Seeing kid Anakin in Episode I might have been more important than seeing Thrall in this movie. At least baby Thrall was not a main character. 

This plays to dangerous thinking that seems to be taking over Hollywood blockbusters: sacrifice the story now for payoff later. The danger is that if the audience never cares, the payoff will never come.

Is Thrall important – sure. But how does this sound for a climax: Ogrim, believing his friend’s entire family and clan has been killed – largely thanks to his actions – now sees the Horde for what it is and challenges Gul’dan’s position for leader of the Horde.

Ogrim’s challenge of Gul’dan is in the movie… but it goes nowhere in one of the most awkward and anti-climactic sequences that I have seen in recent memory. Ogrim throws down the gauntlet, challenges Gul’dan… and nothing happens. Gul’dan kills a few unnamed orcs to show he will tolerate no rebellion – except for Ogrim apparently. Maybe he likes Ogrim?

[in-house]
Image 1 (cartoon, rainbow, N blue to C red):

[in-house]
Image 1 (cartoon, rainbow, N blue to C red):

"You're better seen and not heard, Ogrim. Never forget that."

“You’re better seen and not heard, Ogrim. Never forget that.”

Bottom line is that, despite Durotan being a main character, he really makes no impact on the actions and plot in the movie. The peace talks go nowhere, and Thrall is left to an incredibly pretentious baby Moses sequence. Durotan dies and the Horde just keeps right on its path. Nothing happens, nothing changes – except for Ogrim walking off alone at the end of the movie (another serving of sequel setup anyone?).

The Bible imagery is subtle here, so I'll understand if it takes people a while to get it. (Please read with sarcasm)

The Bible imagery is subtle here, so I’ll understand if it takes people a while to get it. (Please read with sarcasm)

Storytelling 101: choose a main character to suit the story, or vice versa. Durotan probably did more interesting things in his life, but the audience never sees them. The result leaves a main character who feels like little more than setup in a movie that desperately needed substance to power its heart.

One last thing: thank god they incorporated multiple scenes with dwarves in this movie. I was terrified for a moment that Warcraft somehow did not connect to World of Warcraft.

One last thing: thank god they incorporated multiple scenes with dwarves in this movie. I was terrified for a moment that Warcraft somehow did not connect to World of Warcraft.